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Tanzania: Country Fast Facts


  • Location: Tanzania, officially the United Republic of Tanzania, is a country in East Africa within the African Great Lakes region. It is bordered by Kenya and Uganda to the north; Rwanda, Burundi, and the Democratic Republic of the Congo to the west; Zambia, Malawi, and Mozambique to the south; and the Indian Ocean to the east. Kilimanjaro, Africa’s highest mountain, is in northeastern Tanzania.

  • The name "Tanzania" was created as a clipped compound of the names of the two states that unified to create the country: Tanganyika and Zanzibar.[27] It consists of the first three letters of the names of the two states ("Tan" and "Zan") and the suffix, "ia" to form Tanzania.

  • Population: 36,481,000

  • Capital: Dodoma

  • Area: 945,087 square kilometers (364,900 square miles)

  • Language: Kiswahili, Kiungujo, English, Arabic, many local languages

  • Religion: Christian, Muslim, indigenous beliefs

  • Currency: Tanzanian shilling

  • Industry: Agricultural processing (sugar, beer, cigarettes, sisal twine), diamond and gold mining, oil refining

  • Agriculture: Coffee, sisal, tea, cotton; cattle

  • Exports: Gold, coffee, cashew nuts, manufactures, cotton

  • People & Culture: Tanzania’s population includes around 120 different African tribal groups. The largest group is the Sukuma, who live in the north-western part of the country, south of Lake Victoria.The country’s earliest people were hunters and gatherers, who inhabited the land as far back as5000BC. Around 800AD, traders moved to the country from India, Arabia and Persia (present day Iran), creating a diverse mix of peoples and cultures. Today, about 90 percent of Tanzanians live in the rural areas and live off what they can grow on the land. In more recent years, however, people have started to migrate from the countryside to developing towns and cities.


  • Tanzania has the most expensive hardwood tree in the world - the Mpingo trees, also known as the African Blackwood trees.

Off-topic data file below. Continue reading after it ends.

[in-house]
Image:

•  The earliest human skull in the world was discovered in Olduvai Gorge in Tanzania

  • With more than 4 million wild animals in its periphery, Tanzania has the largest concentration of animals per square kilometer in the world.

  • And talking about wild, 30% of country’s area is occupied with national parks. As of September 2019, TANAPA has grown to 22 national parks, covering approximately 99,306.5 square Kilometers

  • The highest free standing mountain in the world, Mt. Kilimanjaro, is located in Tanzania. It is also the highest mountain in Africa.

  • The largest crab in the world is the coconut crab found in the Zanzibar archipelago of Tanzania.

  • The Ruaha National Park is home to the largest population of wild elephants in all of Eastern Africa.

  • Tanzania also houses the world’s largest volcanic crater, Ngorongoro, with a diameter of 19kms and is 600m deep.

  • Freddie Mercury, the lead vocalist of the English band ‘Queen’ is a Tanz

  • anian by birth and was born in the archipelago of Zanzibar in Stone Town. His real name is Farrokh Bulsara.


Tanzanians are very friendly and polite people and they like to greet each other. These Swahili words and phrases may come handy when you interact with the locals.

  • Karibu - welcome

  • Jambo? / hujambo? (how are you?) – you answer “si jambo” (I am fine)

  • Habari? (how are you?) – you answer “nzuri” or "nzuri sana (fine/ very fine)

  • Mambo (what’s up) – you may answer “poa” (cool) or “safi” (fine/clean)

  • Siku nzuri – have a nice day

  • Kwaheri – goodbye

  • Tutaonana baadaye (often shortened to baadaye) – see you later

  • Asante – thank you (to one person)

  • Asanteni – thank you (to more than one person)

  • Asante sana – thank you very much

  • Ladha – it was delicious

  • Hapana asante – no, thank you

  • Tafadhali – please

  • Pole (pronounced po-le) – sorry

  • Pole pole (po-le-po-le) – slowly

  • Hakuna matata – no worries

  • Safari – travel

  • Samahani – excuse me

  • Ninaitwa – My name is…

  • Ndio / hapana – yes / no

  • Pesa – money

  • Maji - water




  • Valid passport (and photocopy of picture page)

  • Visa (you may get upon arrival for $100 for US citizens and $50 for citizens of other countries

  • A picture ID (e.g. driver’s license) other than passport



  • Driving in the parks is allowed between 6 am and 6 pm only.

  • The speed limit in the parks is 50km/h and 25km/h in the Ngorongoro Crater.

  • Animals always have the right of way.

  • Never feed animals. It will upset their diet and lead to an unnecessary dependence on people.


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